Tethered by technology

"My siblings and I started a group chat titled 'Sibs.' Hilarity ensued," writes Lauren Spirov from Chicago. "We used that platform to send funny videos, photos of our pets, new songs or entertaining stories about the family. About a year and a half ago, our dad passed away suddenly and unexpectedly. It rocked us. I worried the immense grief would tear us apart. While we all grieved deeply and individually, we found ways to let the others know we were there via our group chat. A simple heart emoji or photo of our dad let the others know we were with them. Remerging on the other side of this grief has cemented our bond in inexplicable ways. I can't imagine having endured such a loss without them. Siblings bring out the best in one another, and I'm so grateful that I have three of the best in the world. We'll probably have our group chat until we're 100."

Jessica Rhodus from Cincinnati also keeps in tech touch with her siblings. "Since none of us live near each other, we connect regularly on a text chain. The four of us play the lottery together when the jackpot reaches a billion dollars – which is silly, but fun. We send pictures from our lives. I am really grateful to have siblings who have made, and continue to make, our relationship a priority."

Vivienne Heffernan, of Zeist, The Netherlands, writes, "My siblings (three sisters and one brother) and I are extremely close. They are my best friends, the greatest gift my parents ever gave me. We're aged between 52 and 41 and we live in three different countries in Europe but we still talk and WhatsApp every day. We have in-jokes, we sing songs, we tell stories from our childhood. We go away together for an annual sibling weekend – last year, our trip was to Salzburg, [Austria] so we could relive all the moments from the film The Sound of Music, a big part of our childhood."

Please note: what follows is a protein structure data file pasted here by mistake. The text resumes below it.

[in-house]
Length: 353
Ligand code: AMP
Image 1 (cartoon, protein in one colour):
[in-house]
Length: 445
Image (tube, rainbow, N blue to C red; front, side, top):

For Karen Kleppe Lembo from Morristown, N.J., the tech ties started in analog times. She is the eldest of six. "For a decade in mid-'80s to mid-'90s we shared a monthly newspaper, The Kleppe Kronicle, which each of us would contribute to twice a year. (I treasure them!) These days, all our gatherings are at weddings and funerals and related happenings, but we now chat pretty much daily — multiple times — thanks to a group chat. I learn more and more from younger but wiser siblings, and some days I share a tad of wisdom — all gratis! "

Nola Healani Faria, who grew up in Kaimuki, a neighborhood in Honolulu, writes that growing up "with four siblings in a two-bedroom, one-bath home made it necessary to get along. My father was one of six children, my mother one of eight, so they also 'modeled' the behavior of maintaining close ties with their siblings. Each of us children are now well into our late 60s and early 70s. My mother just passed away at the age of 95. Besides us five children, there are 11 grandchildren, 26 great-grandchildren and one great-great grandchild. What is interesting is that five children [and] several great-grandchildren — who live in Pennsylvania, Texas, California and Hawaii — have developed relationships with each other growing up (they are now teens) via the internet!

Early memories kindle long-term love